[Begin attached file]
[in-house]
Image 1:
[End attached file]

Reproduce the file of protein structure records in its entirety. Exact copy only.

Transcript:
[in-house]
Image 1: